1. Steven Bradley, Miranda C. Parker, Rukiye Altin, Lecia Barker, Sara Hooshangi, Thom Kunkeler, Ruth G. Lennon, Fiona McNeill, Julià Minguillón, Jack Parkinson, Svetlana Peltsverger, Naaz Sibia (2023) ITiCSE-WGR ’23: Proceedings of the 2023 Working Group Reports on Innovation and Technology in Computer Science Education, Pages 196–226, DOI:10.1145/3623762.3633497

CC licensed image via

Join us to discuss spatial skills in engineering on Monday 9th May at 2pm BST

CC BY-SA licensed image of a Rubik’s cube via by Booyabazooka Wikimedia Commons

Spatial skills can be beneficial in engineering and computing, but how are they connected? Why are spatial abilities beneficial in engineering? Join us to discuss this via a paper on spatial skills training by Jack Parkinson and friends at the University of Glasgow. Here is the abstract:

We have been training spatial skills for Computing Science students over several years with positive results, both in terms of the students’ spatial skills and their CS outcomes. The delivery and structure of the training has been modified over time and carried out at several institutions, resulting in variations across each intervention. This article describes six distinct case studies of training deliveries, highlighting the main challenges faced and some important takeaways. Our goal is to provide useful guidance based on our varied experience for any practitioner considering the adoption of spatial skills training for their students.

see [1]

All welcome. As usual we’ll be meeting on zoom, details are in the slack channel Thanks to Steven Bradley for suggesting the paper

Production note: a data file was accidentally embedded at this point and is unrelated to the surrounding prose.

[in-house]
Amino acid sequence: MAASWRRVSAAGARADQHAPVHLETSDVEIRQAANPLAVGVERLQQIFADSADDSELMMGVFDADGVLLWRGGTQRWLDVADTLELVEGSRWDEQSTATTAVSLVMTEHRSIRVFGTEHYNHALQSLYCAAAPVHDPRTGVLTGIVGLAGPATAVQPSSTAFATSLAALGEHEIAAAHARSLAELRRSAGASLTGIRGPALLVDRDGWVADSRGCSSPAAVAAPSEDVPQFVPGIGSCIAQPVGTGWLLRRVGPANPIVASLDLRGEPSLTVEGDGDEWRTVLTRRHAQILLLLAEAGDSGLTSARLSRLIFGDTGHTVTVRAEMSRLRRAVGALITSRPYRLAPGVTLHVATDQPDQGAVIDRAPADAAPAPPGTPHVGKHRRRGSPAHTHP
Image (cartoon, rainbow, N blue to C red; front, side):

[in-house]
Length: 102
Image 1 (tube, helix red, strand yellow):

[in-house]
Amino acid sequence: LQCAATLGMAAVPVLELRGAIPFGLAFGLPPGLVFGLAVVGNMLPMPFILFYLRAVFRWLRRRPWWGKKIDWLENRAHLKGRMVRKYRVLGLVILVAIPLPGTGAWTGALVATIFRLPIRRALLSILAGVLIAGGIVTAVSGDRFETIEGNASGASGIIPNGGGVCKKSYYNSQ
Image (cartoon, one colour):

1. Jack Parkinson, Ryan Bockmon, Quintin Cutts, Michael Liut, Andrew Petersen and Sheryl Sorby (2021) Practice report: six studies of spatial skills training in introductory computer science, ACM Inroads Volume 12, issue 4, pp 18–29 DOI: 10.1145/3494574

Join us to discuss failure rates in introductory programming courses on Monday 1st February at 2pm GMT

Icons made by freepik from

Following on from our discussion of ungrading, this month we’ll be discussing pass/fail rates in introductory programming courses. [1] Here is the abstract:

Vast numbers of publications in computing education begin with the premise that programming is hard to learn and hard to teach. Many papers note that failure rates in computing courses, and particularly in introductory programming courses, are higher than their institutions would like. Two distinct research projects in 2007 and 2014 concluded that average success rates in introductory programming courses world-wide were in the region of 67%, and a recent replication of the first project found an average pass rate of about 72%. The authors of those studies concluded that there was little evidence that failure rates in introductory programming were concerningly high.